Life Painting

Reading the title of a painting by Ed Cohen one wants to know more.  The Form the Pleasure Took, As If an Ocean, or The River is Fateful are elliptical, their compressed and disjunctive grammar both condensing and obstructing the release of meaning.  We assume that they are sentences or phrases taken from a specific context, but this is left unclear, like pages from the middle of a book.  We have to reconstruct, to imagine, to ask the question: Where is it from?  And this is exactly what Cohen’s painting invites us to do: although a form like a necklace or a petal might seem recognisable, they are like extracts, scenes which always suggest a movement and the presence of a space beyond the actual contour of the image.

Cohen has spoken of the instantaneous emergence of each picture.  Colour and canvas are prepared carefully, yet the application of the paint itself takes place in a way that cannot be reversed or touched up.  There is no room for revision here or for rethinking.  Evoking the enso circles of Zen monks, Cohen stresses how this directness turns each painting into a document of his inner life, a snapshot which both captures and dramatizes the tranquility, the yearning or the violence of an emotional state.


This gestural directness gives each of Cohen’s paintings a quality of the Zen ‘You are that!’ an ineffable and quite irreversible ‘objective correlative’ of the painter.  Yet these works explore the question of time and transcription at many other levels.  Besides documenting an inner state, they offer us a space to question where a painting begins and ends and how form is crysallised.  Chains of colour float on the surface of an aqueous, liquid canvas.  We perpetually experience a movement – swift or slow – as if paint was both a substance and a temporal process.


Where do these chains and spirals and spirals of colour begin and end?  Origins and endings are always off canvas, as if we are only glimpsing a segment, an extract of the flow of time.  We never see completely; there is no ‘oeillade’, no view that would take in and encompass the whole temporal process.  Even when the chain seems to be complete, as in the necklace paintings, Cohen’s use of surface reminds us that we are only party to an extract: the forms appear floating, like bubbles on the top of water where the process leading to their creation is still invisible.  These are paintings that we watch rather than see.


The forms themselves echo this incompleteness.  The swirls, splashes and ripples of paint evoke the transitory effect of a disturbance to a still surface, like the aftermath of throwing a pebble into a pond.  At the same time, the expansions and contractions of paint evoke the organic processes of flowering, of budding and blooming, also transitory decay and ending.  These organic processes are caught in the paint work itself, their movement not simply frozen but, because of the incompleteness Cohen works with, actually played out for us, repeated in our experience as we view the paintings.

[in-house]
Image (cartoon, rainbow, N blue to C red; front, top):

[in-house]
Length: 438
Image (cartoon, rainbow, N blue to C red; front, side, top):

This concern with natural processes is part of Cohen’s preoccupation with cosmology.  They seem to present to us both a micro view of the world and a macro view: we see the chains and spirals of DNA or tiny newt-like life forms, yet also galaxies and solar systems.  We see flower floating on water yet also the electron tracks of particle physics or the blips of a radar screen.  Cohen’s art manages to make each painting a coalescence of two worlds, as if an infinite distance were suddenly reduced to zero, as if the painting was staged at the edge of the micro and the macro.  The chains and ripples are both too near and too far away, as if a Gestalt switch would render a universe into a raindrop or a flower petal into a galaxy in a fraction of a second.


Cohen’s paintings create two parallel yet conjoined worlds, bringing with them some of the wonder of discovery.  This can feel like the wonder of a first encounter with a microscopy or the telescope, or those moments of suddenly seeing ‘more’ that make the history of science so vivid.  Cohen’s recreation of this scientific wonder is linked also to an art historical thread, as it focuses on the emergence of form from apparent chaos.  Science and art share this interest in discerning structure in what seems unstructured, from Brownian motion in physics to the Fibonacci structure that biology finds in flora.


Cohen’s eye is drawn less to this structure as a product, well-defined and bounded, than to the actual process of emergence, or creation in the temporal sense: form as something that crystallizes right in front of us.  Rather than the Modernist emphasis on making form or the Romantic insistence on duplication nature, Cohen’s art inhabits the in-between space where an underlying form gains a consistency, a form that may be fluid and ungraspable yet is form all the same: something emerges from the monochrome and voluminous backgrounds, just as the titles of the works spring from an unknown source in a strange efflorescense.

What kind of form is this?  We could certainly think here of the sciences, but as Cohen makes us engage with the density, unpredictability and lightness of his paints, we realise it is less a depiction of biological form than a kind of biology of painting.  The paintwork itself is organic form, alive due to the sense of moving time that the works inspire.  Rather than simply painting life, it is a life of painting, as if Cohen has created a special and unique world which his works invites us to share.

DARIAN LEADER, a writer and psychoanalyst based in London, is the author of Stealing the Mona Lisa: What Art Stops Us From Seeing (Faber) and many other books.